Coal industry officials may consider toning down their “war on coal” rhetoric in the wake of President Obama’s re-election victory, but said they will continue to strongly oppose various administration regulatory initiatives.
Regional political leaders said they hold out some hope — although a small one — that the administration might be more open to working with states to ease U.S. Environmental Protection Agency permit reviews or moderate new air-quality standards.
“It’s incumbent on those of us from the coal-producing and coalconsuming districts to come together to try to work with the EPA to see what it is we can get them to do sensibly and quit running roughshod over the states,” said Democratic Rep. Nick Rahall, who won re-election last week to his 19th term representing Southern West Virginia in Congress.
But experts say that seems unlikely, and that the White House may focus even more effort over the next four years on reducing mining’s impact on the environment and local communities and curbing air pollution — including greenhouse gas emissions — from coal-fired power plants.
“I think the election returns may embolden Obama on a number of fronts, including a more determined effort to shift from black to green on energy,” said Pat Parenteau, who teaches environmental policy at the Vermont Law School. “He certainly doesn’t owe the coal industry or coal-state politicians anything.”
Hal Quinn, president of the National Mining Association, issued a statement congratulating Obama on his victory, and saying his group “remains committed to working with the administration and the Congress on an ‘all of the above’ energy strategy that includes coal, our most abundant energy resource.”
The United Mine Workers union, which did not endorse either candidate, also congratulated Obama and Vice President Joe Biden, saying “in the end, they laid out a vision for America’s future that the majority of our fellow citizens believe is the right path for our nation.”
UMW spokesman Phil Smith added, in response to questions from the Charleston Gazette, that the union hopes Obama’s reelection would bring continued efforts to improve miner health and safety enforcement, something Republican Mitt Romney seemed likely to weaken.
While Obama secured an Electoral College victory in November 6 general election, Romney easily won the nation’s three top coalproducing states, Wyoming, West Virginia and Kentucky. Obama carried key swing states — Ohio, Virginia, and Colorado — where Romney had hoped his promise to loosen regulatory restrictions on mining would help decide close races.
Mining industry-backed candidates won some closely watched U.S. House races, most notably in Kentucky, where incumbent Democrat Ben Chandler was defeated by Republican Andy Barr in a race that frequently focused on coal policy. And across the country, Romney handily won all but two of the 25 largest coal-producing counties.
But industry-endorsed candidates lost six key U.S. Senate races where Republicans harshly criticized generally pro-coal Democratic candidates for not doing enough to fight new U.S. Environmental Protection Agency restrictions.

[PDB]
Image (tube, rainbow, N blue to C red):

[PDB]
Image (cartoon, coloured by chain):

Smith noted that coal wasn’t necessarily the key issue in each of those Senate races, but that the UMW endorsed Democrats for each of those seats in Pennsylvania, Virginia, Ohio, Montana, New Mexico and Indiana.
“That said, the candidates we endorsed in those races are all supportive of coal miners and their jobs,” Smith said. “They are all supportive of secure retirement for coal industry retirees and widows. They are all supportive of strong enforcement of safety and health laws and regulations.”
Bill Raney, president of the West Virginia Coal Association, said his group was disappointed that the industry’s campaign to unseat Obama was unsuccessful.
“We’ll go through the components of it and see what parts of it can be adjusted,” Raney said. “I suspect there’s going to be a lot of adjustment that goes on.”
But Raney said he feels like the ball is in Obama’s court to show coal industry officials the administration is willing to work to address its concerns about regulatory proposals.
“We simply have been victimized by them and targeted by them,” Raney said. “There needs to be a change on the side of the administration and then there will be a change by the industry.”
Industry experts and analysts have pointed to factors other than new regulations as playing much larger roles in the decline of Appalachian coal: cheap natural gas, competition from other coal basins and the miningout of the best and easiestto reach reserves.
Government and private forecasts have for years projected a decline in Central Appalachian production, fueled by quality reserves being mined out and increasing competition from giant surface mines in Wyoming’s Powder River Basin.
More recently, advances in natural gas drilling resulted in extremely cheap prices, prompting many power producers to switch fuels. Additionally, new EPA efforts to reduce toxic air emissions have forced some utilities to speed up plans to close older, inefficient coal plants that couldn’t meet the EPA standards.
The latest data from the federal Energy Information Administration show that utility demand for U.S. steam coal has dropped 17 percent this year, in large part because of competition from natural gas. EIA is projecting the lowest coal consumption by the U.S. electricity sector in at least 20 years.
But in the wake of his own re-election victory, West Virginia Gov. Earl Ray Tomblin repeated his earlier belief that brighter days for the coal industry could be just around the corner.
“Obviously, the loss of coal jobs is a huge concern,” Tomblin said last week. “Hopefully, the coal market will rebound sometime here in the near future.”
Reporter Ken Ward Jr. specializes in covering the coal industry for the Charleston (W.Va.) Gazette, where this article originally appeard.